|De Plus gets sweet gratification|
Photo: Riccardo Scanferla/Giro della Valle d'Aosta
The stage set out from Morillon and a group of 4 including TJ Eisenhart (BMC Development), Justin Oien (USA), Davide Ballerini (Unieuro-Wilier) and Nicola Bagioli (Zalf-Euromobil). A chasing group of 11 got away in pursuit of the quartet while the Maglia Gialla Robert Power (Australia) let the escapees get a significant gap that got up to over 11 minutes at one point.
Justin Oien on being in the breakaway today:
"Got in the break with T.J. (Eisenhart), Bagli or whatever that Zalf guy's name is and this other guy (Ballerini). We worked super well all day; steady hard on the climbs, ripped the descents and steady hard in the valleys. Not exactly sure where we got our big gap (8 minutes at one point) but I just remember Sayers (USA DS) saying "you guys (are) good, keep it steady."
Diego Sevilla (Fundacion Contador) got away from the chase group and bridge up to the breakaway. As Oien puts it, "We made it to the climb before the 10k one and a Contador guy comes up from the breakaway that was about 2 minutes behind us the whole time. He rests for a second and then takes Bagioli (who would grab the KOM points every climb) with him. At the top of that climb, the other group makes contact and then they just start dropping, with the other Zalf guy (Enrico Salvador) through in accelerations in every so often."
Diego Sevilla was solo after the Col de Plaine Joux and continued to plow on by himself to the foot of the Col de la Ramaz. Enrico Salvador (Zalf-Euromobil) launched out of the chasing group and slowly chomped away the gap. The remnants of the breakaway including Will Barta (USA), Bagioli and Enrico Logica (General Store) that were hanging in no man's land between the leaders and the yellow jersey group of Rob Power.
Sevilla went over the Col de la Ramaz solo but was quickly joined by a solo Salvador. The yellow jersey group made the junction with the chasing group just a couple kilometers into the descent.
Salvador went solo towards the bottom of the descent and got back into Morillon but with a gap that was shrinking fast.
With 10 kilometers to go and the chase at full bore in the valley, Power was struck with a mechanical and was forced to change bikes. No one was waiting for him and yet Power, who was down 30 seconds by the time he got back up to speed, got up and bridge the gap within 5 kilometers. A turbo V8 against a bunch of V6s.
According to Oien, "We rip the descent, make it into the valley and they start attacking and I'm just holding on at this point; very happy with how I've done having never climbed that well before. My last two weeks have just been so I can survive this race. (We) make it to the bottom of the finish climb and they go and do their flying up hill stuff and I come in 6 or so minutes behind."
While Norway had every one together coming into the final climb, Power lit it up and drew out a group including De Plus, Simone Petilli & Stefano Nardelli (Unieuro Wilier), Edward Ravasi & Andrea Garosio (Colpack), Oleg Zemlyakov (Kazakhstan), Michel Schelgel (AWT-Greenway) and Dan Pearson (Zalf-Euromobil), among others.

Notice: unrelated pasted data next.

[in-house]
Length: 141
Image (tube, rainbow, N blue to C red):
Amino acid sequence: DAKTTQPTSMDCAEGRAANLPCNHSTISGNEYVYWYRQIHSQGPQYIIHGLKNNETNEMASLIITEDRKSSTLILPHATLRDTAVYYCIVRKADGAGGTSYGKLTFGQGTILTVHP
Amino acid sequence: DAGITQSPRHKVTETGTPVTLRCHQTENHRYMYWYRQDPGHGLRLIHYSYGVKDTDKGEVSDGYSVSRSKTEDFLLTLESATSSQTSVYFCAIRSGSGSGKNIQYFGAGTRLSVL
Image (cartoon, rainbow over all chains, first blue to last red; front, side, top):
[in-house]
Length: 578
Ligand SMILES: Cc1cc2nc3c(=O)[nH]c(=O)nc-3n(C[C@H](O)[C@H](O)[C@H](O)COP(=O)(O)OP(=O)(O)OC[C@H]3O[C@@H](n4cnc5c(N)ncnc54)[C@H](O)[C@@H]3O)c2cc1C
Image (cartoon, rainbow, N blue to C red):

Salvador was so close to making it a fantastic solo win but alas, this wasn't a fairy tale ending. With roughly 100 meters to go, Salvador was passed by Robert Power and De Plus, who was the only one able to hang with Power in the sprint for the line. De Plus came around the Australian to take his first ever UCI win while Power consolidated his overall lead.
The full stage results can be found here while the overall results are here.
This is Laurens De Plus' 3rd mountainous stage race of the season and he is on track to go for another podium place on the overall standings. While he was disappointed somewhat in his l'Isard and Zavod Miru 2nd places, you have to sit back and admire a rider that can do this in his first season as a leader.
One rider that was clearly off was Odd Eiking from Norway, who finished over 6 minutes down. Obviously the talent is there but obviously, he isn't going for overall goals. One possibility is the heat that is going through Aosta right now, which is seeing highs around 90F/32C.
Another Norwegian rider, Kristian Aasvold, had to pull out of the race due to some intestinal issues. Or as procycling.no put it, "He was taken out of the race after taking a walk in the woods to in an attempt to remedy these problems." Feel better, Kristian.
Two of Slovenia's riders bailed during the day's stage. Not posing well for a race that only has five-man teams.
Lennard Kämna's (Stölting) big day out yesterday was short lived as he finished over 8 minutes back in 41st place. The heat could play a factor but obviously yesterday was a short effort that required a high, steady power output, which perfectly suited him. Today had a lot of ups and downs so perhaps another day this week will have Kämna or his teammate Silvio Herklotz out front.